Ulf Leonhardt, Weizmann Institute of Science, Israel
Thursday, April 13, 2017 - 12:30pm to 1:30pm
The lecture discusses forces of the quantum vacuum, which may sound like an arcane subject, but it is not - such forces are acting all around us and play a major role in daily live and modern technology, but most people are simply not aware of them. These forces are known as generalisations of van-der-Waals/Casimir forces and their physics is enjoying a renaissance, both in theory and experiment.
According to quantum physics, the vacuum is not simply a desert of emptiness and nothing, but a sea of possibilities. The fluctuations of the quantum vacuum play a similar role credit plays in economy: they make things possible by borrowing. For example, the quantum vacuum may lend a dipole moment to an atom (a deformation of its electric charge distribution) and then this atom interacts with other atoms around it, attracting them. The dipole moment disappears, the credit from the quantum vacuum is paid back, but the attraction remains. This attraction between neutral atoms and molecules is responsible for most of the stickiness in Nature, and it becomes an issue for nano-machinery where it causes friction.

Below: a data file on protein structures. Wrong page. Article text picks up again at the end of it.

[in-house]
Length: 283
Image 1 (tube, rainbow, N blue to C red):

However, the theory of the quantum vacuum appears to suffer from a major problem: formally, the sum over all the vacuum energies is infinite. Regularisation is required to extract the finite contribution that can do physical work. The known methods of regularisation work for piece-wise homogenous materials that give the force between bodies, but fail for inhomogenous materials, for calculating the force inside bodies. Recently we have developed a regularisation method that is proven to work for planar inhomogeneous materials. The method is based on visual, intuitive ideas the seminar will explain.